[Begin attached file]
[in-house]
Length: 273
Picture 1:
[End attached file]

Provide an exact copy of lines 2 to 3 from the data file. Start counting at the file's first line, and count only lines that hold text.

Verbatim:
Length: 273
Picture 1: